“A box is a box is a box — every hotel having an individual design? This will not be that. You will wake up in Plano and you will wake up in Richmond and think you’re in the same place,” said Kellam.
The main advantage of ECHO Suites is that it will always be new construction, making it stand out from the competition. And, of course, these hotels will offer a budget-friendly price point for guests, and Wyndham knows that kind of customer and knows how to cater to their needs.
Some of the amenities ECHO Suites will provide include gathering rooms, a fitness center, wired and wireless high-speed internet options, and streaming. However, they are keeping individual properties relatively small, because guests want everything contained within their rooms.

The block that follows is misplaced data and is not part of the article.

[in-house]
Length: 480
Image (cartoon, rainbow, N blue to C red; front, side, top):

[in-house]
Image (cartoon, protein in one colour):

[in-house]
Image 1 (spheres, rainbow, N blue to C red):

Meetings the Unique Needs of Today’s Travelers
Both Isenberg and Kellam spoke about the undersupply in the extended stay market and the significant opportunity it presents for hoteliers. Kellam noted that extended stay had been one of the most underserved segments of the industry for the past 10-15 years. Isenberg sees extended stay as a growing segment, fueled by the trend of remote work and the desire for more flexible living arrangements.
“The pandemic has accelerated what was already happening before,” said Isenberg, “and that is this work-from-anywhere opportunity people have. We’re seeing at Catbird people who say, ‘I work for Google and I’m going to choose to live in Denver for 90 days and just see how it is and live that lifestyle.’”